Imaging a sample under an applied external electric or magnetic field offers opportunities to study...

Self assembly: experimental models
A central preoccupation of condensed matter physics is the emergence of material properties, such as crystal structure, lattice dynamics, and phase transitions, from the local interactions between constituent atoms. In real materials, however, this connection is incomplete because exact interatomic potentials generally cannot be derived ab initio, or readily be measured in isolation, or freely be varied to investigate their effects on material properties. The advent of colloidal crystals, prepared from particles with simple and tunable interactions, has helped bridge this gap.

However, colloidal crystals have some limitations as model systems for real materials and as reliable test-beds for statistical theories. Experiments on charge-stabilized colloids have revealed unexpected long-range attractions between like-charged particles and the effective pair potential for these systems is now a matter of some controversy. Using dipole-dipole interactions between paramagnetic colloidal particles circumvents this problem, although hydrodynamic coupling and electrostatics can still play a role. Colloidal systems require extensive sample preparation, and long equilibration times (several days) to form the delicately ordered lattices. Kinetic traps and prohibitively slow approach to equilibrium may pose special problems for binary colloid mixtures (the mesoscopic analogue of alloys or compounds), for which few results have been reported to date.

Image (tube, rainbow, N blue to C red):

A new and conceptually simple experimental model for condensed phases has been developed, which combines accurately known and tunable pair potentials, equilibration times of a few seconds, an independently adjustable “temperature,” and collective behavior visible to the naked eye. We use this system to quantify lattice and interfacial structures, phonon velocities, binary phases and phase transitions; these results are quantitatively related to the known pair potential, confirming the applicability of statistical theories to this ensemble.

Self assembly: theoretical models
Micelles can be modeled...

Non-Covalent microcontact printing
Microcontact printing is a technique developed by Prof. George Whitesides' group at Harvard. It is conceptually very simple: An uncured silicone rubber is cast onto a "master" surface that has the desired surface features. The silicone is cured and removed from the master surface. The now embossed silicone "stamp" is "inked" with molecules and stamped down on a surface just as you would use an office rubber stamp. This technique is able to reproduce patterns on length scales below 100 nm. This technique is typically used to stamp molecules which covalently bond to a surface, such as thiols on gold. We are interested in "softer" materials which form non-covalent bonds with a surface, such as lipids and proteins. More information about microcontact printing
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Past research
Past research has included crystal growth and dissolution, electrochemistry, molecular crystals.

Contact info:
Srin Manne
Physics Dept
PAS 575
520-626-5305
smanne@physics.arizona.edu